Family life has changed for all of us. The need to stay at home and limit contact with others is important right now, but it can be lonely and isolating. Having schools closed or only partially open leaves us juggling work and caring for children, perhaps loss of income, the stresses of caregiving may be increased. This can take its toll on both our mental and physical health, and staying connected to our loved ones.
We need to be intentional about staying connected in order to “keep the ship floating”.
- Staying connected to yourself – check in with yourself regularly and focus what is going on in your mind and body. Are you feeling stressed to the max and you need some time on your own doing something calming and refreshing? Are you feeling anxious about you or your family’s health and finances? Are you “overconnected” digitally and need a break from your device, social media, unhelpful news feeds?
When you’re stuck at home, and feeling overwhelmed by children, online school, life in general – it is easy to wear out a path to the fridge, bed, couch TV, repeat…. You’ll feel better if you try to stay in a normal routine. Get up and go to bed at your usual times. Eat healthy foods and be active. Take the break, chat to a friend about emotions that are getting too big and overwhelming… look after you.
- Staying connected to your family by being present, not just there! Don’t allow yourself to become consumed with ticking the work or online school boxes. Be aware of where your spouse and children are at emotionally and be intentional about closing the computer, putting down the phone, switching off the TV and chat. Talk about how they are feeling and why and provide any comfort, understanding, support or help that’s necessary. Be mindful that this is a temporary state, and we will get through it. How well we figure things out together will help determine the well-being of our marriage and children now and in the future, as well as their memories of this time.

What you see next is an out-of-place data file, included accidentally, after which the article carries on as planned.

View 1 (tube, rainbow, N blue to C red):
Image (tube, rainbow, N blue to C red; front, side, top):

Put in the time and effort to create and maintain good family relationships. Prioritise family meals, family games, family “sports” events in the garden, family teatime breaks, family story time, dates with each child, dates with your spouse – be creative.
- Staying connected to extended family and friends
- video call granny and grandpa, cousins, and special friends
- let granny help with online schoolwork, read stories or babysit via a video call or other connecting app
- virtual playdates, coffee dates
- Host a virtual family gathering or happy hour (lots of helpful apps out there)
- Host a virtual movie night (Netflix has this option)
- Host a virtual games night or book club
- Staying connected to your community: find ways to help! Giving out when you don’t feel particularly generous can really help to keep you in the right mindset and keep the focus outward instead of inward.
- Deliver groceries to neighbours who aren’t able to get to the shops
- Volunteer to deliver food and clothing parcels to people in need
- Check into donating blood—it’s an urgent need in many areas.
- Give online to food banks and other aid organizations.
- Buy online gift cards from local businesses. This can help them survive until they can open again.